Insurance companies are planning to start bracing for the impact of ObamaCare in the coming days by passing on higher insurance premiums to the insured.
While most of the provisions of President Obama’s Affordable Care Act will not go into effect for several years, insurance companies are preparing to pull in more money now to cover the anticipated tax increases, the majority of which will not go into effect until 2014. In addition, in 2014 the first significant ObamaCare initiatives—what is known as the individual mandate, various insurance subsidies, and free birth control—will go into effect.
Experts forecast that insurance companies will boost insurance premiums for both individuals and businesses by approximately 2 percent this year. By the early 2020s, insurance premiums will be roughly 3.5 percent higher.
Those who earn a high income—above $250,000 per year—are already feeling the tax effect of ObamaCare, as they are paying almost 1 percent more in Medicare taxes and almost 4 percent more in taxes on investment income.
Although blame is likely to be cast at both insurance companies for increasing premiums and the Obama administration for enacting the legislation that is providing more extensive “free” health care, in the end, it may be the American people who are to blame. After all, Americans are the ones who voted on the whole for better insurance coverage. But it will come at the cost of higher insurance premiums.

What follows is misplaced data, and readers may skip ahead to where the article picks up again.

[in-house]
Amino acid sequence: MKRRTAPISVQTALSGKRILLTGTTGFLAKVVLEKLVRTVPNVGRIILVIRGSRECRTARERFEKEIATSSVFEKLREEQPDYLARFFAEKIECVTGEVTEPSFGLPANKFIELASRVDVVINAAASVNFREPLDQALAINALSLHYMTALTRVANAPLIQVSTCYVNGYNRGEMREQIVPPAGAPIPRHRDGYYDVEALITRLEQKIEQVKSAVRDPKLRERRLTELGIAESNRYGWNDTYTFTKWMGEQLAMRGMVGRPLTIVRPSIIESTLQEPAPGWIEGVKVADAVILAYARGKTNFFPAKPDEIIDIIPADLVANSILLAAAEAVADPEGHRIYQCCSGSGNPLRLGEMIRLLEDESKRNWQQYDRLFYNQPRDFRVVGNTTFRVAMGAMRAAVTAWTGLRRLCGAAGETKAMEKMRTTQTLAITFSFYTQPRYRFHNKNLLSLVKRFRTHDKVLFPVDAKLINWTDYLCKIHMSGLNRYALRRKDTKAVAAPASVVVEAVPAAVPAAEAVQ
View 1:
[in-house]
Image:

“The goal was to make health care more affordable, but adding a tax on health insurance does the opposite, increasing the cost for families and small businesses,” noted Robert Zirkelbach, a spokesperson for America’s Health Insurance Plans. Zirkelbach noted that younger adults will be hit the hardest by the health care cost increases.
In the end, one can hardly blame the insurance companies for increasing insurance premiums. The additional coverage required by ObamaCare are expected to cost the insurance industry approximately an additional $8 billion in 2014 and over $14 billion by 2018. In total, the insurance industry will pay approximately $100 billion extra dollars to provide insurance coverage over the next 10 years.
Insurance companies are justifying the early increase in insurance premiums by noting that a number of insurance policies purchased already have coverage that extends into 2014 when additional coverage benefits become required by ObamaCare.
Technically ObamaCare will prevent those who have insurance from having to foot the bill for medical care provided to the uninsured, because one of the requirements of ObamaCare is that people are required to buy health insurance.
However, critics are concerned the requirement is not strict enough, because the penalty for not buying insurance is only $95 in 2014 and only $325 in 2015, far less than the cost of actually paying the insurance premiums to obtain required coverage. What may be worse is that people who choose to pay the penalty rather than purchase insurance and then fall ill can still opt into insurance coverage
Concerns about the relatively small penalty to individual for not abiding by the law has prompted some groups, including Blue Cross and Blue Shield, to appeal to President Obama to increase the level of the penalties.
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